by Paulette Millis
Kale, a green leafy vegetable that belongs to the brassica
(cabbage) family, has more nutritional value for fewer calories
than almost any other food. It does not form a head but consists
of a bunch of coarse, curly leaves. This health-promoting
vegetable is easy to grow in colder climates as a light frost
actually sweetens the kale leaves. Kale comes
in several varieties and colours, most common being Scotch
kale with very curled bright green to greeny-yellow leaves.
Others are blue kale, which has frilled edge leaves that
are deep green with a bluish tinge, and black kale.
Kale is available year round and comes principally from
Virginia, New York, New Jersey, and the mid-Atlantic states.
can see from the chart right that not only is kale an
excellent choice for the minerals calcium, manganese,
magnesium, potassium, and iron, but it has significant
A, C, and B vitamins. The minerals are wonderful for
your bones and teeth, and the B vitamins are helpful
for the nervous system. Dr. Leo Galland states that 1/2
cup of kale is equivalent to one serving of milk! (1/2
cup cooked kale contains 105 mg. calcium, presumably
because cooking reduces the bulk considerably). Kale
is not as highly allergenic as milk, and it is low in
fat. If you avoid dairy products this is a significant
addition to your diet. With a full serving (3-1/2 ounces)
of raw or cooked kale containing less than 40 calories,
this vegetable makes it to the top of the list for everyone.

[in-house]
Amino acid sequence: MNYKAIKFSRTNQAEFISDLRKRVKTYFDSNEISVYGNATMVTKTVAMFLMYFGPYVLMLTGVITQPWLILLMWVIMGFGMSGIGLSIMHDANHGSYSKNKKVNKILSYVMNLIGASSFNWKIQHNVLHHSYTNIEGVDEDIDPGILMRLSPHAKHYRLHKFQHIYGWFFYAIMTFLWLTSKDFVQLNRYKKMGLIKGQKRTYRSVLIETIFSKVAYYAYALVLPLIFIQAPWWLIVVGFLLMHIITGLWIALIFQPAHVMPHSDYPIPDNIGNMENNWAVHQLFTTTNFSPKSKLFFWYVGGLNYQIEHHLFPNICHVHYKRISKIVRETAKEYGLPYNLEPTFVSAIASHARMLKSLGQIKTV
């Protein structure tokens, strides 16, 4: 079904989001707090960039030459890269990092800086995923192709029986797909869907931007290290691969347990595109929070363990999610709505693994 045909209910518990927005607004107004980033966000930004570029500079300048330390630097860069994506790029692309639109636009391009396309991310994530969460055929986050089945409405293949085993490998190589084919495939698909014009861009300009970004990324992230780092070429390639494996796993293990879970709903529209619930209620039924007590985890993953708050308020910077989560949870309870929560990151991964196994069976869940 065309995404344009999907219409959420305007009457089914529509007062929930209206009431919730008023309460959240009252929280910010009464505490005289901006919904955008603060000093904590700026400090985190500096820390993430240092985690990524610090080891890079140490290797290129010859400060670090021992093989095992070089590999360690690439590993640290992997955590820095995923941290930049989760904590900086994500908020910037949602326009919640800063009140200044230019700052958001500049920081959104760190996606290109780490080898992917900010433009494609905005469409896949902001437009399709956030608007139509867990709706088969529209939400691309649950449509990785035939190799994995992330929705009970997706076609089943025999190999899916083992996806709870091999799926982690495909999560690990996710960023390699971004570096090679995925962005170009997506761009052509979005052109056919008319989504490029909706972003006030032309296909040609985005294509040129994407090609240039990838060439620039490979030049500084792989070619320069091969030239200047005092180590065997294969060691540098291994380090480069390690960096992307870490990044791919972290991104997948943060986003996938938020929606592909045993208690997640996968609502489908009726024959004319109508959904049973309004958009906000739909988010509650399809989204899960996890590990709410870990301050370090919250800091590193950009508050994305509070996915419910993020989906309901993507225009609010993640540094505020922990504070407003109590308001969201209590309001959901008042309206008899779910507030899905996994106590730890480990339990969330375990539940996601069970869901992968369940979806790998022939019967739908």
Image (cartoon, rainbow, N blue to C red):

Many studies have been done on cruciferous vegetables
(of which kale is one) and their role in preventing
cancer. Dr. Earl Mindell recommends two cups daily
of these vegetables.
Indoles, a group of phytochemicals present in cruciferous
vegetables, appear to alter the biological pathway
that converts certain estrogens into more potent forms
that can trigger the growth of tumours in estrogen-sensitive
sites, such as the breast.
one of the phytochemicals present in kale, has been said
to stimulate the action of protective enzymes in the
liver that help the body fight against tumour growth,
and one researcher states sulforaphane may be one of
the most protective agents against cancer discovered
Kale also contains lutein, another cancer fighting anti-oxidant.
The fibre in kale is excellent in preventing constipation
and digestive diseases such as diverticulosis and irritable
bowel syndrome, as well as reducing high cholesterol
levels. It helps keep blood sugar levels under control
as well, so it is an excellent choice for anyone with
NUTRITIONAL AND MEDICINAL INFORMATION
|The following chart shows the extensive amount
of nutrients in 1 cup of kale:
It just makes sense to find recipes that you and your family
like, made from kale, to add to your diet. It is key to be
sure the recipes you choose are
tasty, and enjoyed, or kale will be left on the plate.
Kale is one of the few foods that contain oxalates, a naturally
occurring substance that can interfere with calcium absorption,
and when too concentrated
fluids, can crystallize and cause health problems, in particular for
those with untreated kidney or gallbladder problems. It also
that may interfere with the functioning of the thyroid gland. According
to Annemarie Colbin, cooking eliminates oxalic acid. Cooking inactivates
Choose firm, moist kale with deeply coloured leaves.
Warm environment causes wilting, so look for fresh, crisp
free of browning, yellowing,
small holes. Smaller leaves will be more tender and have a milder flavour.
available all year, though peak season is mid-winter to beginning of
Wrap kale in a damp paper towel and store in a perforated plastic bag
in the fridge crisper. Do not wash before storing as this causes kale
It is best eaten 1 to 2 days after purchase as longer storage may cause
it to become bitter.
Be sure to wash well before using as sand and dirt easily